US Press: pick of the papers

The ten must-read opinion pieces from today's US papers.

1. Mitt Keeps Missing the Message (Wall Street Journal)

If Romney wins Florida, it won't be because he's becoming a more effective candidate, claims Kimberley A. Strassel.

2. President Obama, winner of Florida debate? (Los Angeles Times)

If anyone won Thursday evening, it may have been Barack Obama, writes Doyle McManus.

3. The American defence strategy is flawed (Washington Post)

The US military needs to invest in troops, not technology, argues Frederick W. Kagan.

4. Jobs, jobs and cars (New York Times)

To really create jobs in the US, it takes a cluster, not just heroes, argues Paul Krugman.

5. For GOP, dislike for Obama trumps all (Politico)

Evangelical opposition to his faith could hurt Mitt Romney, claim Brett Benson, John G. Geer and Jennifer Merolla.

6. Don't Mind the Gap (New York Times)

Polls are finding that Americans seem less upset by the existence of income inequality than by the perception that federal policies unfairly favor the rich, writes to Andrew Kohut.

7. The American defence strategy is flawed (Washington Post)

The US military needs to invest in troops, not technology, argues Frederick W. Kagan.

8. The sound of saber-rattling against China (Boston Globe)

American consumers will pay the price for trade sanctions on China, says Edward Glaeser.

9. Sharia: The not-so-scary truth (Philadelphia Inquirer)

Sharia law sounds scary to lots of Americans. The irony is that many who think they are opposed to sharia would likely support many of its general precepts, says Jon Pahl.

10. 'Obamacare' shreds social safety net (Politico)

The well-being of program participants is being sacrificed to advance Obama's 2012 chances, says Frank Donatelli.

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Britain is running out of allies as it squares up to Russia

For whatever reason, Donald Trump is going to be no friend of an anti-Russia foreign policy.

The row over Donald Trump and that dossier rumbles on.

Nothing puts legs on a story like a domestic angle, and that the retired spy who compiled the file is a one of our own has excited Britain’s headline writers. The man in question, Christopher Steele, has gone to ground having told his neighbour to look after his cats before vanishing.

Although the dossier contains known errors, Steele is regarded in the intelligence community as a serious operator not known for passing on unsubstantiated rumours, which is one reason why American intelligence is investigating the claims.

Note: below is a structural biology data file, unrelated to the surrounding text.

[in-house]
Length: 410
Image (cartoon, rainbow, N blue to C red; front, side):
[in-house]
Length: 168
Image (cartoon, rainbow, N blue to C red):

“Britain's role in Trump dossier” is the Telegraph’s splash, “The ‘credible’ ex-MI6 man behind Trump Russia report” is the Guardian’s angle, “British spy in hiding” is the i’s splash.

But it’s not only British headline writers who are exercised by Mr Steele; the Russian government is too. “MI6 officers are never ex,” the Russian Embassy tweeted, accusing the UK of “briefing both ways - against Russia and US President”. “Kremlin blames Britain for Trump sex storm” is the Mail’s splash.

Elsewhere, Crispin Blunt, the chair of the Foreign Affairs Select Committee, warns that relations between the United Kingdom and Russia are as “bad as they can get” in peacetime.

Though much of the coverage of the Trump dossier has focused on the eyecatching claims about whether or not the President-Elect was caught in a Russian honeytrap, the important thing, as I said yesterday, is that the man who is seven days from becoming President of the United States, whether through inclination or intimidation, is not going to be a reliable friend of the United Kingdom against Russia.

Though Emanuel Macron might just sneak into the second round of the French presidency, it still looks likely that the final choice for French voters will be an all-Russia affair, between Francois Fillon and Marine Le Pen.

For one reason or another, Britain’s stand against Russia looks likely to be very lonely indeed.

Stephen Bush is special correspondent at the New Statesman. His daily briefing, Morning Call, provides a quick and essential guide to British politics.